When it comes to minor employees under the age of 18, Tennessee law requires that they must be given a 30-minute break if they are scheduled to work six hours consecutively. This requirement is intended to ensure that younger workers have adequate time to rest and eat during longer shifts.

  • Rest Breaks: Although not required by law for adults, when employers do offer short breaks (usually lasting about 5 to 20 minutes), federal law considers the breaks as compensable work hours that would be included in the sum of hours worked during the workweek and considered in determining if overtime was worked.
  • Meal Periods: For adult workers in Tennessee, meal periods (typically 30 minutes or more) do not need to be provided. However, if an employer chooses to offer a meal period, the federal FLSA stipulates that the employee must be completely relieved from duty for the purpose of eating regular meals, and the meal period is not considered compensable time.
  • Breaks for Minors: Employers must provide a 30-minute unpaid break for minors scheduled to work more than consecutive 6 hours. This break cannot be scheduled during or before the first hour of scheduled work activity.

It's important for both employers and employees to note that while Tennessee does not mandate breaks or meal periods for adults, some employers may establish their own policies regarding such periods. If so, they are legally bound to follow their own rules and guidelines as set forth in their company policies or employee handbooks.

8. Employment Termination Laws

In Tennessee, employment relationships are generally considered "at-will". This means that either the employer or the employee can end the employment relationship at any time, with or without cause, and with or without notice, as long as the termination does not violate any employment contract or statutory law. However, there are several important exceptions and considerations to this at-will doctrine that both employers and employees need to be aware of.

  • Discrimination: Employers cannot terminate an employee for discriminatory reasons based on race, color, national origin, sex, religion, disability, age, or any other protected characteristic under federal or state law.
  • Retaliation: It is illegal for an employer to fire an employee for engaging in protected activities, such as filing a complaint of discrimination, participating in an investigation, or for whistleblowing.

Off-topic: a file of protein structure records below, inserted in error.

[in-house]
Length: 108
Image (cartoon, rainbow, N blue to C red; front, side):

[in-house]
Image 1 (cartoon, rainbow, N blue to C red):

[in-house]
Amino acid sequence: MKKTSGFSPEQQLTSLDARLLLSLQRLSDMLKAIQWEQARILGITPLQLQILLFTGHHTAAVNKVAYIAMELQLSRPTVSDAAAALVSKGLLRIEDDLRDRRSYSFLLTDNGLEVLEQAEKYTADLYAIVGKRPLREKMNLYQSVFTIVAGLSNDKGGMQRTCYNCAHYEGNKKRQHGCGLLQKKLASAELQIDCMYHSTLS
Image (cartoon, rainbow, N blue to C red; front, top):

• Public Policy: Tennessee recognizes a public policy exception to the at-will rule, meaning that an employee may not be terminated for reasons that would violate a clear public policy of the state.
  • Implied Contracts: If an employer's policies or handbooks imply that certain procedures will be followed before termination, or suggest that employees will not be fired except for cause, an implied contract may be found, which could limit the employer's ability to terminate at will.
  • Covenant of Good Faith: While Tennessee does not recognize the covenant of good faith and fair dealing in employment relationships as some other states do, employers still cannot fire employees for malicious reasons.
  • Notice of Termination and Final Paycheck: Tennessee law does not mandate that employers give notice prior to termination. However, employers must provide a terminating employee's final paycheck no later than the next regular payday or within 21 days, whichever is later.
  • Mass Layoffs: Under the Federal Worker Adjustment and Retraining Notification (WARN) Act, employers with 100 or more employees must provide at least 60 calendar days advance notice of plant closures and mass layoffs in certain situations.

It is also important for employers to be consistent with their termination practices to avoid claims of unfair treatment or discrimination. Consistency in the application of disciplinary policies and procedures is crucial for maintaining compliance with both state and federal laws.

While Tennessee's employment laws grant a significant amount of flexibility to employers, understanding the limitations and obligations is fundamental to uphold lawful employment practices. Both employers and employees should be familiar with these regulations or consult legal professionals when facing employment termination issues.

9. Unemployment Rights

In the state of Tennessee, unemployment benefits provide temporary financial assistance to workers who are unemployed through no fault of their own and meet certain eligibility requirements. The Tennessee Department of Labor and Workforce Development is responsible for administering unemployment insurance (UI) benefits in the state.

The eligibility criteria for receiving unemployment benefits in Tennessee typically include:

  • Having worked in Tennessee during the past 12 to 18 months.
  • Having earned at least a minimum amount of wages as determined by Tennessee guidelines.
  • Being unemployed through no fault of one's own, as defined under Tennessee law.
  • Being able and available to work full-time and actively seeking full-time employment.

To file for unemployment, claimants must submit an application either online or by calling the claims center. The information required typically includes:

  • Social Security number.
  • Details of previous employment.
  • Reasons for unemployment.
  • Banking information for direct deposit, if desired.